Centred around Billy’s slide guitar, Mary and Matt’s duetting vocals, and very Lou Reed-like observational lyrics, “Lou Mystery” is arguably a quintessential redistillation of the New York City-dwelling essence of early Madder Rose. Is that something you would concur with? And would it be fair to say that although you both personally left the city quite some time ago, it’s never left you as creators?
Billy: I think you take part of the city with you when you leave it, because it is such an intense and all-consuming experience to live there. Plus, Verta-Ray still lives there, and Chris grew up in Brooklyn, so our roots are clear.
I was thinking of a particular area on 2nd Avenue below 14th Street and what it was like to walk around there in the 90s. So much privilege and poverty, basically side-by-side. I was thinking about people who congregate on the street, waiting to get into a church or a methadone clinic or a meeting, and what their conversations might be.
Was choosing the quite bleak cover photo of New York from 1975 for the front cover, also part of remotely reaffirming your association with the city?
Billy: Perhaps. Rick likes old New York, and he found the cover photo. I originally wanted to call the record, My Love for You is Out of Control, and I thought the photo matched it perfectly. Rick didn’t like that title, so we changed it to what it is now. It used to be a safety slogan for some oil company – ‘No One Gets Hurt. Ever.’ We removed the punctuation due to our artistic nature. It fits the photo well, I think. I love the misguided optimism/unrealistic goals in both the title and the slogan.
Musically, “My Love for You is Out of Control” feels like a sibling to “Tangerine”, with Rick’s drums and Mary’s multi-tracked vocals being the driving force. Although you (Billy) remain the primary songwriter and studio director, has it been important to let all five Madder Rose members find their own distinctive spaces across the album?
Billy: Yes, everyone comes up with their own parts, and Mary will often adjust the melodies I write. The best – and sometimes worst – part of being in a band is seeing a song evolve into this complete, arranged thing. A song is never as good as it is in its infancy, when the possibilities are endless and unnamed. But I would never tell anyone what to play. I’m fairly sure they would ignore me if I did. This is a band of strong personalities.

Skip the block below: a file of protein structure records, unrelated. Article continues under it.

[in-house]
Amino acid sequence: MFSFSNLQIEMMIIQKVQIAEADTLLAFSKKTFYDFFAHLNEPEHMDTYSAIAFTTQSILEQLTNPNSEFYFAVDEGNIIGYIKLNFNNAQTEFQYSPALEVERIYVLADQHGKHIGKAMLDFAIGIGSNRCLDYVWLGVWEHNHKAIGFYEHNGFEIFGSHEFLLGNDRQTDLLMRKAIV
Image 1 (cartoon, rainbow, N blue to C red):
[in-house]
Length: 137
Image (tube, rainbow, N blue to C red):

Those two songs you named take a similar approach in atmosphere. There are a couple of tracks of floaty guitar from me, via a volume pedal, and there are also Mary’s abstract backing vocals. When she sang these, she would come to my house, usually on Sunday morning, and sing one song a couple of times. She’d also do a backing vocal track that was just an improvisation on the melody, and I would move these around and make them into ghost vocals, fading in and out of the songs.
Mary, the wordlessly vocalised “MLMR” is your only writing contribution to the new album. Where did that one come from?
Mary: “MLMR” was a song I started and really thought would turn into something, but I just couldn’t come up with lyrics. I waited a year or two for something to occur to me as a topic, but everything I tried just felt forced. Finally, I said to Billy, “I like the melody but I can’t finish this thing,” and he said, “Well, just go with the melody and harmony lines.” It was a great relief to let myself off the hook and just have fun with it.
How has the working relationship operated over the years in terms of being the vocalist for songs written by Billy? Specifically, how has he introduced them to you – have you had to learn and vocally interpret his lyrics from a written form, as well as from for-your-ears-only-demos?